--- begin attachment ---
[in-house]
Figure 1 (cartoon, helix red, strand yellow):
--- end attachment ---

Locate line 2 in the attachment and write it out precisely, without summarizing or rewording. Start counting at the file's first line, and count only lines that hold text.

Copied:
Figure 1 (cartoon, helix red, strand yellow):